General Question

TheCouncil's avatar

Do you really feel that one word can describe your belief system and somehow affiliate you with a group?

Asked by TheCouncil (380points) July 2nd, 2008 from iPhone

Liberal or Conservative. Republican or Democrat. I understand agreeing with one side more than the other but are you really willing to put yourself squarely in that camp right or wrong? If so do you not find that limiting? (based on the sudden liberal vs. conservative outbreak on a few recent fluther questions)

Observing members: 0 Composing members: 0

13 Answers

wildflower's avatar

“nonpartisan” works for me.

jrpowell's avatar

“progressive” works for me.

webarnold's avatar

I generally like conservative more than I like Republican. Although my beliefs still remain conservative, I’ve become semi-jaded with the Republican party of late.

playthebanjo's avatar


Harp's avatar

I don’t feel that it’s worth taking a stand against labels just because they have limitations. They’re clumsy semantic tools, but many times a clumsy tool is good enough.

I’m never going to agree 100% with the Dem candidate, nor do I perfectly conform to the classic liberal ideology. But hey, I haven’t voted for a Republican candidate in my life, and I would feel much more at home at an Amnesty International rally than at the IRA convention.

Rarely do I feel that it’s necessary to explain the full nuances of my positions to anyone; if all they need to know is the general drift of my political views, I’m fine with saying that I’m a liberal or a Democrat. That doesn’t mean that I adjust my views to conform to some organization’s ideology, just that the label’s a workably good fit.

PupnTaco's avatar

Generally, no. I identify myself as a moderate liberal with some conservative personality traits and an agnostic with both feet well-soaking in the pool of atheism.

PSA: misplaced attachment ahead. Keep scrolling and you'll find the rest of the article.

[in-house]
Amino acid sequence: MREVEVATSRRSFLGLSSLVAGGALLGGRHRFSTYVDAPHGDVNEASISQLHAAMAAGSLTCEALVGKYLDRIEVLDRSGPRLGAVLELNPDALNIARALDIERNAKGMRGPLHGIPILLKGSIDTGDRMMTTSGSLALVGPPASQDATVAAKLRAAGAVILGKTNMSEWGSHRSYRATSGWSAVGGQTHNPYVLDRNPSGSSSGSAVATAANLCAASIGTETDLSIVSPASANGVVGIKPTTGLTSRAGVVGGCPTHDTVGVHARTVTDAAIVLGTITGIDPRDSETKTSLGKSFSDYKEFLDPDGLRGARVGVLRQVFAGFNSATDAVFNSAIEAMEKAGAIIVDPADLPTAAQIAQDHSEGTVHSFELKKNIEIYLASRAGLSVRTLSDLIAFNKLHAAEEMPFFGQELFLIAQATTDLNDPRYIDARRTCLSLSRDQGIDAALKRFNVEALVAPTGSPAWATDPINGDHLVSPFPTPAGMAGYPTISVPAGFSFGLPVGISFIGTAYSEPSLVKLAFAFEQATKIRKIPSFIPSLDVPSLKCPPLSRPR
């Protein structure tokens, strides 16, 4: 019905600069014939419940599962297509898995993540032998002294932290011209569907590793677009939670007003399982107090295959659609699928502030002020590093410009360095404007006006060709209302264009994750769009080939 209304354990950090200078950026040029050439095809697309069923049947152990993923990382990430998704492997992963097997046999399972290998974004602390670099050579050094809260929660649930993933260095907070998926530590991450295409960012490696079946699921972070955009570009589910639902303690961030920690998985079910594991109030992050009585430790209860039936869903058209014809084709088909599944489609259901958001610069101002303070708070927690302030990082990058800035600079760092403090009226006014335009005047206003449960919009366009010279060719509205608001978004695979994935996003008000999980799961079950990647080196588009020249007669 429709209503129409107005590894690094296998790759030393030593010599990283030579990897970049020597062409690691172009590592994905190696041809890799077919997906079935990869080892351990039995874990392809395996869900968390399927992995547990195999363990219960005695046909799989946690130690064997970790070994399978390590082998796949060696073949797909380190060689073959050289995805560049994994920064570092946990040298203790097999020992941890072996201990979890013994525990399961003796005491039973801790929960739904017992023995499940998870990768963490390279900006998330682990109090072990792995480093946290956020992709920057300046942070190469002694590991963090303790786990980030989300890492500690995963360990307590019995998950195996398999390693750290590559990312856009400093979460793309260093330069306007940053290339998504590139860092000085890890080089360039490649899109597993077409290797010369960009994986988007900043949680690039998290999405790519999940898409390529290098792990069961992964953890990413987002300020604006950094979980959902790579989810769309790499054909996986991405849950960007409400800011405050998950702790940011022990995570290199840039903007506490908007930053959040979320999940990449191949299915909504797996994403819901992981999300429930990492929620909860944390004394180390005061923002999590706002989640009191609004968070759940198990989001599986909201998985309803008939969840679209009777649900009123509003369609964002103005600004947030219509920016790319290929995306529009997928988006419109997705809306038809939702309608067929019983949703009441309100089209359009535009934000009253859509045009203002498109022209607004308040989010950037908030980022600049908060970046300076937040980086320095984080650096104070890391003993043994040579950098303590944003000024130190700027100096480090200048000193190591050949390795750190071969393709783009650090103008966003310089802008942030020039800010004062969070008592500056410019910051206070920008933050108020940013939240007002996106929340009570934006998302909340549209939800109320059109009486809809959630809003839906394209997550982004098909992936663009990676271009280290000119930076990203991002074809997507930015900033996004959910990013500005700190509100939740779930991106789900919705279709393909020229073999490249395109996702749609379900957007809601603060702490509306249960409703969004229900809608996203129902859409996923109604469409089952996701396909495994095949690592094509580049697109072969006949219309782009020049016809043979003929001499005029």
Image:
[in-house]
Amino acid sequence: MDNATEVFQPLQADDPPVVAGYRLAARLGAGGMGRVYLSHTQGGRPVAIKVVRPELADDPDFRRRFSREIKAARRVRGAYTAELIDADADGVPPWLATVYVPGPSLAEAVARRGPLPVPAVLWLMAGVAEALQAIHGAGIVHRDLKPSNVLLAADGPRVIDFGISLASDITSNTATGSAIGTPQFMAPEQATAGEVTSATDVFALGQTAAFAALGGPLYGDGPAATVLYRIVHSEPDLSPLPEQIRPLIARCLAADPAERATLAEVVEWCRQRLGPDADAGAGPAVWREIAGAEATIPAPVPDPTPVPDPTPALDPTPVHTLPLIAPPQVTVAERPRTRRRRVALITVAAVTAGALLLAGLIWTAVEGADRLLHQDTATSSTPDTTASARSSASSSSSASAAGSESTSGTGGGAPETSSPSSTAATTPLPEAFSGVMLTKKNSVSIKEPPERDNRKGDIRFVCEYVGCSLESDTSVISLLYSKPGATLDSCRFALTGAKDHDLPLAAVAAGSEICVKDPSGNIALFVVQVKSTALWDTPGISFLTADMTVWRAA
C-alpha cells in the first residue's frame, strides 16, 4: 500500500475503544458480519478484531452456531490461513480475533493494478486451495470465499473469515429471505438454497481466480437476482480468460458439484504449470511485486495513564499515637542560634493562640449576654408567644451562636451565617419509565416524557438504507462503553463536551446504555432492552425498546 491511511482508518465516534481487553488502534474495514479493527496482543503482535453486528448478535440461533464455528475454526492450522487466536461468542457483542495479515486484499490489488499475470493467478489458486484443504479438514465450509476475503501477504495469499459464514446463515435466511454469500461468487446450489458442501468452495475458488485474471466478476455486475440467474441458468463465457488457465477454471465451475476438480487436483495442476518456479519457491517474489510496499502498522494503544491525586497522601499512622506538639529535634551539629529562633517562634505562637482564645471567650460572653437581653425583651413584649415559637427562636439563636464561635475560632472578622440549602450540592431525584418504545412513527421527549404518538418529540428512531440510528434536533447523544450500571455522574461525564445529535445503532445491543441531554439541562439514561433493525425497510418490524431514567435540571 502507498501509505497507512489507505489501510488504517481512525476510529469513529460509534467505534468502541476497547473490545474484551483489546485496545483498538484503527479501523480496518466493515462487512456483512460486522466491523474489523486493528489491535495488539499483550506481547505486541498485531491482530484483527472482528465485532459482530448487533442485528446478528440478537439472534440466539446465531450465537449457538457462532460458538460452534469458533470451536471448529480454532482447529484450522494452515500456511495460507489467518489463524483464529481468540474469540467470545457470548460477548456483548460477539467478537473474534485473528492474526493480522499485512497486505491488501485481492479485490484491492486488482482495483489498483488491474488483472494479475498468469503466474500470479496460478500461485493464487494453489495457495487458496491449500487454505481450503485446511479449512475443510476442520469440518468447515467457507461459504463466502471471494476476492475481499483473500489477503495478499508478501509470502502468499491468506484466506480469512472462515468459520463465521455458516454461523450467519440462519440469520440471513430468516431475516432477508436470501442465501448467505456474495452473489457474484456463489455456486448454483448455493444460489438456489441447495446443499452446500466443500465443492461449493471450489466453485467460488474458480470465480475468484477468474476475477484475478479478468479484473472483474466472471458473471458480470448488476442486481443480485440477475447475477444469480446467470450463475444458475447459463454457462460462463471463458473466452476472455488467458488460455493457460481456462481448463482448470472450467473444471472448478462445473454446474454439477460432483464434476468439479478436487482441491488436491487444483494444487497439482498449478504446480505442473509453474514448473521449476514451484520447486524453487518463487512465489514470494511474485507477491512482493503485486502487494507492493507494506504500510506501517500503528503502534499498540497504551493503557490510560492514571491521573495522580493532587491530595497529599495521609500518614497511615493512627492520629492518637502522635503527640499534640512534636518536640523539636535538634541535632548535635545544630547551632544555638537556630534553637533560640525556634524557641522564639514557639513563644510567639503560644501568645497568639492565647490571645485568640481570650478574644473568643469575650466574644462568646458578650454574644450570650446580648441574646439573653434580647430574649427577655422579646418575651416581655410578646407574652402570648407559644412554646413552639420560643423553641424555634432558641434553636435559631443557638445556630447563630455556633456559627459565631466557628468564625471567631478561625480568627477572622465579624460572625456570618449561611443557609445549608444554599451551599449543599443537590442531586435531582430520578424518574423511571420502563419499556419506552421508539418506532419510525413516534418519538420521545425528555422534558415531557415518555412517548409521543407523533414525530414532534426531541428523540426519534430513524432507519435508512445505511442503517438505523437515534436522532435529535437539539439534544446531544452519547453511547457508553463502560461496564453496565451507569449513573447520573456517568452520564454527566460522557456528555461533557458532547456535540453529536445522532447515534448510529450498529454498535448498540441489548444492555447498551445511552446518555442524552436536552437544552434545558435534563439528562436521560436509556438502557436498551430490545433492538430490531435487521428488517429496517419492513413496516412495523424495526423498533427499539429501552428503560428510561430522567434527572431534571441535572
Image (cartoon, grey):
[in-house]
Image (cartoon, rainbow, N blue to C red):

Which is a long-winded way of saying I’m from California.

rockstar's avatar

I agree with webarnold.

Harp's avatar

edit:: “IRA convention” should have been ”NRA convention”, if you hadn’t already guessed.

jacksonRice's avatar

in a similar vein as webarnold, i think that each word has such different connotations to everyone who hears it—it’s helpful to explain a little more. for instance, the word “feminist” can call up all sorts of alarming images, although i certainly consider myself one.

susanc's avatar

Well that’s the point of conversation – you get to explain further. Labels schmabels – if they get you into conversations (this one, for example), everyone gets to learn something.

jacksonRice's avatar

i also tend to think that because one-word labels don’t usually completely fit anyone all the time, the people who do use them to self-identify (& not just out of laziness, but really truly feel that way) are doing it to find comfort in conforming to a certain group.

evelyns_pet_zebra's avatar

Independent, and I don’t just mean politics.

Answer this question




to answer.

This question is in the General Section. Responses must be helpful and on-topic.

Your answer will be saved while you login or join.

Have a question? Ask Fluther!

What do you know more about?
Knowledge Networking @ Fluther